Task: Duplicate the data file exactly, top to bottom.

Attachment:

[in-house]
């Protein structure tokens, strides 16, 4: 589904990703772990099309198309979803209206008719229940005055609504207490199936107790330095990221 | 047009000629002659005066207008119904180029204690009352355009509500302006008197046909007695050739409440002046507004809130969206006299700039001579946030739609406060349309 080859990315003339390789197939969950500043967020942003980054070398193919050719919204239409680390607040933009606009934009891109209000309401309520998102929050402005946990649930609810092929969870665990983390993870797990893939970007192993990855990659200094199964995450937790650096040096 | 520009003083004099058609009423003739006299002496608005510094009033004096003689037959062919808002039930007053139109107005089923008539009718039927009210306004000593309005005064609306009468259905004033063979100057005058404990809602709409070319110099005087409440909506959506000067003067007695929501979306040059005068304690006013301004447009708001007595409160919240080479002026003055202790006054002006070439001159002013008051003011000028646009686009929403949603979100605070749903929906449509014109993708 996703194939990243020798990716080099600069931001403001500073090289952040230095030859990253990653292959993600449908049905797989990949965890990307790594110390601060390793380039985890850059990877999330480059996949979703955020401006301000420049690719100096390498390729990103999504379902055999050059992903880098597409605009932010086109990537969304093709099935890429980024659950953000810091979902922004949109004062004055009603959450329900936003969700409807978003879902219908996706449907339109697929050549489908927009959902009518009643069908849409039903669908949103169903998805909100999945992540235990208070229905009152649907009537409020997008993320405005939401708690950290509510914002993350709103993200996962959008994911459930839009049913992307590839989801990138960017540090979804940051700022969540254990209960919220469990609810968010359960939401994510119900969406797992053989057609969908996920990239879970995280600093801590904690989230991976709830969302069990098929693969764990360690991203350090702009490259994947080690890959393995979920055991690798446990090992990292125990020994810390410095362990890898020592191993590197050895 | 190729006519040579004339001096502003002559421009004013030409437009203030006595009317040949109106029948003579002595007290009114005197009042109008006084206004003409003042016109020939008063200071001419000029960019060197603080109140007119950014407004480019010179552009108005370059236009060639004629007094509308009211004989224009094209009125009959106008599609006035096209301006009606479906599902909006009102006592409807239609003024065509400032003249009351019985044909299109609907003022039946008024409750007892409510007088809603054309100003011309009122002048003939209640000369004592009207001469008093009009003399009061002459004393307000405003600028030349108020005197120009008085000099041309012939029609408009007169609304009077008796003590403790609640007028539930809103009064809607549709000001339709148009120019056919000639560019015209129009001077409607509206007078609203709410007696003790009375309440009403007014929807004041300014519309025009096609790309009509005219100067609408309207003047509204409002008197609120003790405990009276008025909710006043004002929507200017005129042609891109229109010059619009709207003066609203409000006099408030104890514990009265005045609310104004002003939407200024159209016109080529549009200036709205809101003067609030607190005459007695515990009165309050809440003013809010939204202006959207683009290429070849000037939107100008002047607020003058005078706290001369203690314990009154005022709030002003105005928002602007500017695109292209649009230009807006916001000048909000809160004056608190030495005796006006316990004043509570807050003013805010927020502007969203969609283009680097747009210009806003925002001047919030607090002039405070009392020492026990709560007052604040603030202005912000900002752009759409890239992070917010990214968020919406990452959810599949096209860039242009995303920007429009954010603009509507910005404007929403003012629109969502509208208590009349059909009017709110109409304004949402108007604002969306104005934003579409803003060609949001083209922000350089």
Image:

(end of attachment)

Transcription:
[in-house]
């Protein structure tokens, strides 16, 4: 589904990703772990099309198309979803209206008719229940005055609504207490199936107790330095990221 | 047009000629002659005066207008119904180029204690009352355009509500302006008197046909007695050739409440002046507004809130969206006299700039001579946030739609406060349309 080859990315003339390789197939969950500043967020942003980054070398193919050719919204239409680390607040933009606009934009891109209000309401309520998102929050402005946990649930609810092929969870665990983390993870797990893939970007192993990855990659200094199964995450937790650096040096 | 520009003083004099058609009423003739006299002496608005510094009033004096003689037959062919808002039930007053139109107005089923008539009718039927009210306004000593309005005064609306009468259905004033063979100057005058404990809602709409070319110099005087409440909506959506000067003067007695929501979306040059005068304690006013301004447009708001007595409160919240080479002026003055202790006054002006070439001159002013008051003011000028646009686009929403949603979100605070749903929906449509014109993708 996703194939990243020798990716080099600069931001403001500073090289952040230095030859990253990653292959993600449908049905797989990949965890990307790594110390601060390793380039985890850059990877999330480059996949979703955020401006301000420049690719100096390498390729990103999504379902055999050059992903880098597409605009932010086109990537969304093709099935890429980024659950953000810091979902922004949109004062004055009603959450329900936003969700409807978003879902219908996706449907339109697929050549489908927009959902009518009643069908849409039903669908949103169903998805909100999945992540235990208070229905009152649907009537409020997008993320405005939401708690950290509510914002993350709103993200996962959008994911459930839009049913992307590839989801990138960017540090979804940051700022969540254990209960919220469990609810968010359960939401994510119900969406797992053989057609969908996920990239879970995280600093801590904690989230991976709830969302069990098929693969764990360690991203350090702009490259994947080690890959393995979920055991690798446990090992990292125990020994810390410095362990890898020592191993590197050895 | 190729006519040579004339001096502003002559421009004013030409437009203030006595009317040949109106029948003579002595007290009114005197009042109008006084206004003409003042016109020939008063200071001419000029960019060197603080109140007119950014407004480019010179552009108005370059236009060639004629007094509308009211004989224009094209009125009959106008599609006035096209301006009606479906599902909006009102006592409807239609003024065509400032003249009351019985044909299109609907003022039946008024409750007892409510007088809603054309100003011309009122002048003939209640000369004592009207001469008093009009003399009061002459004393307000405003600028030349108020005197120009008085000099041309012939029609408009007169609304009077008796003590403790609640007028539930809103009064809607549709000001339709148009120019056919000639560019015209129009001077409607509206007078609203709410007696003790009375309440009403007014929807004041300014519309025009096609790309009509005219100067609408309207003047509204409002008197609120003790405990009276008025909710006043004002929507200017005129042609891109229109010059619009709207003066609203409000006099408030104890514990009265005045609310104004002003939407200024159209016109080529549009200036709205809101003067609030607190005459007695515990009165309050809440003013809010939204202006959207683009290429070849000037939107100008002047607020003058005078706290001369203690314990009154005022709030002003105005928002602007500017695109292209649009230009807006916001000048909000809160004056608190030495005796006006316990004043509570807050003013805010927020502007969203969609283009680097747009210009806003925002001047919030607090002039405070009392020492026990709560007052604040603030202005912000900002752009759409890239992070917010990214968020919406990452959810599949096209860039242009995303920007429009954010603009509507910005404007929403003012629109969502509208208590009349059909009017709110109409304004949402108007604002969306104005934003579409803003060609949001083209922000350089």
Image: